Dear Annie: My wife and I get along well for the most part, but not all the time. She is a control freak who insists on knowing where I am going and what I am doing every second.
She is also obsessed with money and needs to be in control of my spending. Recently, I helped a couple out because their furnace broke and they didn’t have the money for repairs.
I loaned them the funds they needed, and my wife got mad about it. I explained that it was during the middle of winter and they had just had a baby, but that didn’t matter.
They had borrowed money from both of their parents and still came up short. Yet my wife was furious that I had loaned them money, and she demanded that they pay me back right away.
I feel she is more in love with money than I am. I feel the marriage is over, and I want a divorce.
In the meanwhile, I have found a new love and am in a new relationship with someone who wants me and not money.
What do you feel I should do? I’m not sleeping.
My wife and I don’t even sleep together anymore. She has the bed, and I sleep on the chair in the living room. Any ideas on how to handle this?
— Lost Husband
Dear Lost Husband: You might feel lost because your wife is so controlling, but you went behind her back and had an affair. Before you met another woman, you owed it to your wife to have a conversation about why you wanted to quit the marriage.
The case you made against her certainly sounds compelling. Not helping a young couple and their baby out with their heat is certainly mean. Feeling like your spouse only wants you for your money is also a terrible way to feel in a marriage.
You could sit down and tell her that it is over and you want a divorce. Or, since you started by saying that you and your wife “get along well,” and you’re not sleeping — possibly because you feel guilty — you could try to patch things up with your wife by securing her promise to stop controlling and hounding you.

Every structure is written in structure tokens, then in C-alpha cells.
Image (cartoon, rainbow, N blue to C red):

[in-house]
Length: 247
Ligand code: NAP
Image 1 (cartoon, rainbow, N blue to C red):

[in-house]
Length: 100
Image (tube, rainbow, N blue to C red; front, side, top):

A marriage counselor might really help both of you.
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Dear Annie: My husband and I are having marital problems because of his adult daughter (my stepdaughter). I want to limit information that he shares with her about our finances, problems and life in general, but he refuses. I have dealt with the issue for many years, but recently the private information he told her was inappropriate.
We have been married for 25 years, and he said that if we are to remain married, he and his daughter are a “package deal.” He says I’m being unreasonable. Now he is not sure he wants to remain married because I have such strong feelings against her involvement in our business. I feel violated, but he thinks I am overreacting.
How do I handle this? I love him, but he refuses to respect my privacy — not to mention the fact that he prefers his relationship with his daughter over his marriage to his wife.
Thank you for any advice. I do have support from friends and family, but I am afraid I’ve lost my husband to my stepdaughter!
Dear Stepmother: I know that you love him, and you are correct that he should not share intimate details about your marriage with anyone. But don’t forget that his daughter loves him very much, and he loves his daughter, so instead of trying to drive a wedge through their relationship, maybe have more compassion toward the fact that they have a close relationship.
There is not a scarcity of love in the world. He can love you and his stepdaughter, but if you constantly criticize their closeness, you are shutting off love for all of you — your husband, your stepdaughter and yourself.
At the same time, if he is sharing personal information that she has no business knowing, then he needs to stop. For instance, if you are seeing a psychiatrist and don’t want people to know, that is none of your stepdaughter’s business.
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— A native Californian, Annie Lane writes her Dear Annie advice columns from her home outside New York City, where she lives with her husband, two kids and two dogs. Her latest anthology, How Can I Forgive My Cheating Partner?, features favorite columns on marriage, infidelity, communication and reconciliation, and is available as a paperback and e-book. Email your Dear Annie questions to email@example.com. Click here to read previous columns. The opinions expressed are her own.